Validation of a velocity-based algorithm to quantify saccades during walking and turning in mild traumatic brain injury and healthy controls

Samuel Stuart, Lucy Parrington, Douglas Martini, Bryana Popa, Peter C. Fino, Laurie A. King

Research output: Contribution to journalArticlepeer-review

13 Scopus citations


Objective: Saccadic (fast) eye movements are a routine aspect of neurological examination and are a potential biomarker of mild traumatic brain injury (mTBI). Objective measurement of saccades has become a prominent focus of mTBI research, as eye movements may be a useful assessment tool for deficits in neural structures or processes. However, saccadic measurement within mobile infra-red (IR) eye-tracker raw data requires a valid algorithm. The objective of this study was to validate a velocity-based algorithm for saccade detection in IR eye-tracking raw data during walking (straight ahead and while turning) in people with mTBI and healthy controls. Approach: Eye-tracking via a mobile IR Tobii Pro Glasses 2 eye-tracker (100 Hz) was performed in people with mTBI (n = 10) and healthy controls (n = 10). Participants completed two walking tasks: Straight walking (walking back and forth for 1 min over a 10 m distance), and walking and turning (turns course included 45°, 90° and 135° turns). Five trials per subject, for one-hundred total trials, were completed. A previously reported velocity-based saccade detection algorithm was adapted and validated by assessing agreement between algorithm saccade detections and the number of correct saccade detections determined from manual video inspection (ground truth reference). Main results: Compared with video inspection, the IR algorithm detected ∼97% (n = 4888) and ∼95% (n = 3699) of saccades made by people with mTBI and controls, respectively, with excellent agreement to the ground truth (intra-class correlation coefficient2,1 = .979 to .999). Significance: This study provides a simple yet highly robust algorithm for the processing of mobile eye-tracker raw data in mTBI and controls. Future studies may consider validating this algorithm with other IR eye-trackers and populations.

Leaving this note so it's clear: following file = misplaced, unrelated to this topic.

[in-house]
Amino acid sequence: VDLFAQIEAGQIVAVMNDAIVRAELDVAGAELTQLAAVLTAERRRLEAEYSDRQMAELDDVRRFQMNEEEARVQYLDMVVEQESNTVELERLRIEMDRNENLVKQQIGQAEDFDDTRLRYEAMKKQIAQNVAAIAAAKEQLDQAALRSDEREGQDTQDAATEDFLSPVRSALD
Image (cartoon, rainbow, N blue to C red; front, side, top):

Original languageEnglish (US)
Article number044006
JournalPhysiological Measurement
Issue number4
StatePublished - Apr 26 2019


  • algorithm
  • eye-tracking
  • mild traumatic brain injury
  • saccades
  • validation

ASJC Scopus subject areas

  • Biophysics
  • Physiology
  • Biomedical Engineering
  • Physiology (medical)


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